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“Bite-Size Bits of Local, National, and Global History”
Bagdad in Santa Rosa County, Florida — The American South (South Atlantic)
 

Thompson House / Skirmish on the Blackwater

 
 
Thompson House Marker image. Click for full size.
circa 2010
1. Thompson House Marker
Inscription. (Front):
This antebellum home, constructed ca. 1847 by Benjamin Woodson Thompson (1809 - 1876), partner in the Forsyth and Simpson sawmill enterprise in Bagdad, is the best remaining Florida Panhandle example of a symmetrical Greek Revival structure having a double verandah with balustrade and cantilevered gable roof. The house was built of local heart pine lumber with the structure of columns, windows and doors reflecting the Doric order. Interior walls are plaster reinforced with animal hair. Widow sashes with rolled glass are flanked by operable shutters. During the Civil War, Union troops from the 2nd Maine Cavalry, 1st Florida Cavalry, 19th Iowa Infantry and United States Colored Troops of the 25th, 82nd and 86th regiments raided Bagdad and Milton and camped in and around the house, leaving graffiti including drawings and signatures on the plaster walls. In 1913 the house, which originally faced the Blackwater River, was moved directly back to its present location when the Mill complex expanded.

(Back):
Confederates, evacuating Pensacola in the spring of 1862, burned the lumber mills of Bagdad. During the remainder of the war, both sides maintained a presence in Santa Rosa County. Union forces periodically conducted reconnaissance raids and captured building materials for use at the Pensacola Navy Yard.
The Thompson House and the Marker image. Click for full size.
By Mark Hilton, November 17, 2016
2. The Thompson House and the Marker
Confederates posted locally recruited cavalry troops to lookout for any Union movement towards the critical rail junction at Pollard, Alabama. During one such raid on October 18, 1864, Lt. Colonel A. B. Spurling commanding Union troops consisting of some 200 men of the 19th Iowa Infantry Regiment and a section of the locally recruited 1st Florida Battery aboard the steamer Planter landed 3.5 miles south of here to salvage logs intended for the Bagdad mills. Some 300 Confederates including Company I, 15th CSA Cavalry Regiment and local militia were alerted and engaged Spurling’s force. After a two-hour skirmish, the Confederates withdrew and Spurling’s men sustaining minor casualties re-embarked while managing to salvage 140 logs. One week later Spurling again raided Bagdad and Milton routing Confederates in a running battle through town. Afterward, Union troops briefly occupied Bagdad and the Thompson House.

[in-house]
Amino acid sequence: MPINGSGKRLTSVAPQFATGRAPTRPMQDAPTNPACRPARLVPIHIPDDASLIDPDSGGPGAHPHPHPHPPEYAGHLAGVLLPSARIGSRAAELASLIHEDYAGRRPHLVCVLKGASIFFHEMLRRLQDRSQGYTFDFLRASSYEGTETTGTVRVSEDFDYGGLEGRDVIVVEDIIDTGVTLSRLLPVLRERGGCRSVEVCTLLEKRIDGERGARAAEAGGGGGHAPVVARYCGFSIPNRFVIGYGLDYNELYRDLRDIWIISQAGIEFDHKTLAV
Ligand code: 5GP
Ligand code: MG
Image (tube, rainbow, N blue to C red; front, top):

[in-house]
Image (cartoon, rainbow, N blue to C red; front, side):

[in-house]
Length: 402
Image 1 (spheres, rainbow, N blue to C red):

Erected 2009 by the Bagdad Village Preservation Association and the Florida Department of State. (Marker Number F-671.)
 
Location. 30° 36.15′ N, 87° 2.001′ W. Marker is in Bagdad, Florida, in Santa Rosa County. Marker is at the intersection of Forsyth Street and Thompson Street, on the right when traveling north on Forsyth Street. Click for map
Skirmish on the Blackwater Marker image. Click for full size.
By Mark Hilton, November 17, 2016
3. Skirmish on the Blackwater Marker
. Marker is at or near this postal address: 4620 Forsyth Street, Bagdad FL 32530, United States of America.
 
Other nearby markers. At least 8 other markers are within walking distance of this marker. A New Century (about 700 feet away, measured in a direct line); The Longleaf Pine (about 700 feet away); Native Trees (about 700 feet away); The Early History of Bagdad (about 700 feet away); The Architecture of Bagdad (approx. 0.2 miles away); Bagdad Mill Site Park (approx. 0.2 miles away); The Bagdad Mill Site (approx. 0.2 miles away); Shipbuilding in Bagdad (approx. 0.2 miles away). Click for a list of all markers in Bagdad.
 
Additional keywords. Pensacola
 
Categories. Industry & CommerceSettlements & SettlersWar, US Civil
 
Thompson House Marker image. Click for full size.
By Mark Hilton, November 17, 2016
4. Thompson House Marker
 
 
Credits. This page originally submitted on . This page has been viewed 1,560 times since then and 35 times this year. Last updated on . Photos:   1. submitted on .   2, 3, 4. submitted on , by Mark Hilton of Montgomery, Alabama. • Bill Pfingsten was the editor who published this page. This page was last revised on November 21, 2016.
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